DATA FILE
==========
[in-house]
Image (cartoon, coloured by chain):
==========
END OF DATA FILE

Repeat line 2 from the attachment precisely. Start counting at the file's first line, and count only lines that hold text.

Image (cartoon, coloured by chain):